'More than a century after Arthur Rimbaud composed his Illuminations they are reborn in John Ashberyâs mangnificent translation. It is fitting that the major American poet since Hart Crane and Wallace Stevens should give us this noble version of the precursor of all three.'
'Quick Question, with the hushed intensity of its music and great lyric beauty, could only be Ashbery.'
Ian Thomson, Financial Times The book invites the reader to poetic gluttony. It serves as a corrective to the monoglot provincialism by which the Anglophone world is still bedevilled.
Sean O'Brien, Independent 'The lyrics in Breezeway, a new collection by the octogenarian poet John Ashbery are as good as his finest. I especially like the final poem, poignantly reprising the last line of Keats' Ode to a Nightingale', "Do I wake or sleep?"'
Salley Vickers, The Observer - The New Review, 29.11.2015.
'Praised as a magical genius, cursed as an obscure joker, John Ashbery writes poetry like no one else.'
'Great poetry, as T.S. Eliot said, can communicate before it is understood: Ashbery communicates in a way that both pays homage to language and transcends it at the same time.'
'John Ashbery's Collected Poems 1956-1987, edited by Mark Ford (Carcanet), was a book I found inexhaustible. Possibly the greatest living English-speaking poet and one of the most prolific, Ashbery takes language to its limits, so that words serve as pointers to shifting experiences that elude description. Containing his masterpiece 'Self-Portrait In A Convex Mirror', one of the most penetrating 20th-century meditations on what it means to be human, this collection succeeded in stirring my thoughts as well as delighting me.'
John Gray The Guardian Books Of The Year 2010
'The language of [John Ashbery's] books is informed by his roving enthusiasms for particular composers. His tastes are both eclectic and out-of-the-way.'
Michael Glover, 'A blue rinse for the language,' The Independent, 13 November, 1999
'The careering, centrifugal side of Girls on the Run is one of its most effective tools in creating its special ainbience of good-humoured menace ... Ashbery has made the slush of signification, the realm where words slip, slide, perish and decay, uniquely his own.'
David Wheatley, Times Literary Supplement, 30 June, 2000
'In his seventies John Ashbery offers a sprightly and energetic alternative. Instead of being sluggish he demands that the self must be even more alert, more vigilant, more attentive to the world around it, not indifferent to and weary of it. Alert, vigilant, attentive ... Wakefulness, the brilliantly evocative title of Ashbery's collection.'
Stephen Matterson, 'The Capacious Art of Poetry,' Poetry Ireland Review 62, 114
'Harold Bloom regards [John Ashbery] as something akin to a genius...' -
Michael Glover, 'The poet as frustrated composer,' Book and Poetry Review section, The Independent, 14 August, 1998
'...Ashbery is still exuberantly dedicated to the truthful rendering of experience as a flow of sensations that defy interpretation. Consciousness is not so much a stream as a series of jump-cuts from one haunting or zany impression to the next. His best poems have a weirdly, intriguingly satisfying quality.'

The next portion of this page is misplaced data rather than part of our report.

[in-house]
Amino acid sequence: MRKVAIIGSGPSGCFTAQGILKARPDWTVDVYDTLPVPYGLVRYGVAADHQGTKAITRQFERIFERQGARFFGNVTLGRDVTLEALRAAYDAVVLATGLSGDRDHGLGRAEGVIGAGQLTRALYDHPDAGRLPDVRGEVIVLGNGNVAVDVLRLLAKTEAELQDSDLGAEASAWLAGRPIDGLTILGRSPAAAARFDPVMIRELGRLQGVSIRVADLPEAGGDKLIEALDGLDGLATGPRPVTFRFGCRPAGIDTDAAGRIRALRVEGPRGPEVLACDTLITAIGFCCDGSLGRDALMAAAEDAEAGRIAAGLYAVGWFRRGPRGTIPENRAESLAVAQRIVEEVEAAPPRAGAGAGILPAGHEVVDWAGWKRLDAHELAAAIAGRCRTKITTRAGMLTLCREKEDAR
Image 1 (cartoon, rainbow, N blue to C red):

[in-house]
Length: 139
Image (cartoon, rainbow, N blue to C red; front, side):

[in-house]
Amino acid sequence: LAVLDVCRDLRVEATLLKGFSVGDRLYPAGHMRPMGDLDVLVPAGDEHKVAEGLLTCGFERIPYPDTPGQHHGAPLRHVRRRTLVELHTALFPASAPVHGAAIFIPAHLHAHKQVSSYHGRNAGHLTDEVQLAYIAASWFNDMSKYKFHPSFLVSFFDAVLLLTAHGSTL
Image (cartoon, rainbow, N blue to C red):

Alan Brownjohn, 'Creating a sensation,' Book and Poetry Review section, The Sunday Times, 10 January, 1999
'Stemming in part from Mallarme and in part from Whitman, Ashbery's work creates a tension in which the fine networks of linguistic reverie are balanced by the strong sense of American tradition.'
Peter Ackroyd, 'Books of the Year,' The Times Literary Supplement, 4 December, 1992
'...an Ashbery [poem] does not stand on its own but floats off into the reader's limitless consciousness like a balloon. Balloons can be very beautiful, inspire longing and also make you smile.'
Grey Gowrie, 'Where the commonplace is wonderful,' Book and Poetry Review section, The Daily Telegraph, 5 October, 1996
'John Ashbery's distinctiveness as a poet paradoxically resides in his ability to evade all single identities; like Whitman, he feels most fully himself when he contains multitudes ... [Ashbery] deploys a staggering variety of dictions, ranging from fragments of novelettish narratives to lyrical dream-visions, from the cliché of public speech to scraps of surrealist collage...'
Mark Ford, 'Free-wheeling towards the abyss,' Times Literary Supplement, 27 December, 1991
'Notoriously hard to characterise, Ashbery's poetry has been likened to many things - a spiritual experience or an animated cartoon ... No poet's lines are more accommodating to other voices and idioms ... Like restless guests, his subjects arrive and mingle, don unlikely disguises and abruptly announce they are "off on some expedition"...Such poise lends authority to his "positive melancholy," makes even his excesses ... masterly, and ensures that The Ashbery remains the destination of choice, the place "where everything gets unravelled just right."'
Julian Loose, Book and Poetry Review section, The Guardian, 3 November, 1992
'The Mooring of Starting Out is filled with illustrations glimpsed through luminous, funny, formidably intelligent and often heartbreaking poems.'
Andrew Zawacki, 'A wave of music,' Times Literary Supplement, 12 June, 1998
'John Ashbery is probably the most highly regarded living poet in America ... The "story" element in Ashbery comes over in fragmented and non-consequential ways, but the fragments have a strong power of visual evocation, and a startling precision of outline ... His focus is on a bravura artifice, a depersonalised surface crackling with "possibility," a brilliant randomness in which analogy with Action Painting asserts itself with special force...'
Claude Rawson, 'A poet in the postmodern playground,' Times Literary Supplement, 4 July, 1986